| every transaction having to go through them, just like a bank.
We need a way for the payee to know that the previous owners did not sign any earlier
transactions. For our purposes, @davidshares
| outpace any competing chains. To modify a past block, an attacker would have to
redo the proof-of-work of the block and all blocks after it and then catch up with and surpass @davidshares
| attacker catching up from a given deficit is analogous to a Gambler's
Ruin problem. Suppose a gambler with unlimited credit starts at a deficit and plays potentially an
| Sequences II: Methods in Communication, Security and Computer Science, pages 329-334, 1993.
 S. Haber, W.S. Stornetta, "Secure names for bit-strings," In Proceedings of the 4th @davidshares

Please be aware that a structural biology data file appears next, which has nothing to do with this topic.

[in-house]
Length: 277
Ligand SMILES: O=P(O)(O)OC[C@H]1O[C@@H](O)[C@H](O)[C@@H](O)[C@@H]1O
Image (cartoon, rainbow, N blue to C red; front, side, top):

| 365 = 4.2MB per year. With computer systems
typically selling with 2GB of RAM as of 2008, and Moore's Law predicting current growth of
1.2GB per year, storage should not be a problem @davidshares
transactions, which necessarily reveal that their inputs were owned by the same owner. The risk
is that if the owner of a key is revealed, linking could reveal other @davidshares
| to Adam Back's Hashcash , rather than newspaper or Usenet posts.
The proof-of-work involves scanning for a value that when hashed, such as with SHA-256, the
hash begins with a @davidshares
The receiver generates a new key pair and gives the public key to the sender shortly before
signing. This prevents the sender from preparing a chain of blocks ahead of time by @davidshares
ownership, but is incomplete without a way to prevent double-spending. To solve this, we
proposed a peer-to-peer network using proof-of-work to record a public history of @davidshares